MEMORY LANE: North Vancouver SOBs take care to remember local history

Who remembers there was a distillery in North Vancouver where Park & Tilford shopping centre now stands?

Or the Pittsburgh Paint factory across the road? The factory, which closed in 1978,  was replaced by Lumberland, which was replaced in turn by a big box store. 

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A S.O.B. will remember.  That’s Some Old Boys, by the way, in case the three letters raise questions
among readers.

The origins of this men-only social club vary, even according to the founders. Kiwanis guys started the SOBs, says one. Rugby players, says another. They were golfers or North Van High grads. It’s highly likely that a fair number of SOBs fit all four categories, while others, maybe only one.

What matters is that 20 or so years ago, a group of men who enjoyed one another’s company committed to get together regularly.

Their schedule is heavy. They meet for lunch once a month and enjoy an annual day at Hastings Park racetrack organized by ace news photographer, fourth generation North Vancouver native and founding SOB member, Ralph Bower.

Like most of the SOBs, Bower was born and raised in North Vancouver. He lives in the Queensbury neighbourhood, only a house or two away from the house where he was born. 

Their parents or grandparents worked in the lumber mills and the shipyards, and in the small businesses – the filling stations and coffee shops, the butchers, bakers and barbershops that flourished in North Vancouver.  They were teachers, bankers, lawyers and doctors, too, but it is more likely that their offspring, the SOBs generation, were the first in their family to complete post-secondary education.

Like most of the more senior SOBs who graduated in 1956 or earlier, Bower and every other student in the community came together at North Vancouver High School.  Four years together in high school creates bonds for life. 

Living in industrial North Vancouver, the SOBs-to-be learned how to do stuff, mainly from watching and helping their fathers. They tinkered with the jalopies they purchased with earnings from after school and summer jobs. They can pound nails and fix faulty wiring, they can build a boat or a house.  

Gottfried Pollhammer was 12 when he arrived with his family in 1954. The Pollhammers chose North Vancouver as their destination, trusting the recommendation that it was just like Austria, with big mountains and lots of rain.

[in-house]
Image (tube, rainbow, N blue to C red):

“We lived for a year at the Ranch Motel at Capilano, and I went to Westview  School. When we moved to Lynn Valley, I went to Sutherland for grades 8 and 9. So I had to meet people all over again, and then I ended up at North Vancouver High school with all the others students that I had known before.

“My dad was a carpenter, and a jack of all trades. I didn’t know how good of a dad he was until I had my own children. My brother was into computers and I was interested in what my dad was doing: electrical, plumbing, carpentry. When we built two cabins at Mount Baker, my dad turned the reins over to me.  Passing on his knowledge and then his trust was a big thing for me.”

Gottfried remembers the Park & Tilford scotch whiskey distillery and the Pittsburgh paint factory: during one long hot teenage summer, Gottfried painted its exterior. 

His main summer and weekend job at the Lynn Valley Theatre, where he rose from usher to projectionist and manager, led Gottfried to his career in technology. He graduated from Vancouver Vocational Institute and went to work for BC Tel in 1964. By the time he retired, the company had gone digital and changed its name, and Gottfried was teaching the new systems to staff and to companies all over the world.

He has been an SOB for about 15 years, and co-ordinator for about five years since he inherited the role from Jack Keast, a founding member of the SOBs.

SOBs like Keast, or Ralph Bower, like Larry Reda, or Bucky Ellison, carry the story of North Vancouver in their hearts and in their memories. That story, back to its origins, is still within living memory, if stories told by the parents and grandparents who built the community are factored in. Story and memory are the gateway to our past and the SOBs, with their shared experiences and history, are keepers of our heritage.

The SOBs welcome new members. To become one costs three dollars. Get in touch with Gottfried at

Laura Anderson works with and for seniors on the North Shore. Contact her by phone at 778-279-2275 or at

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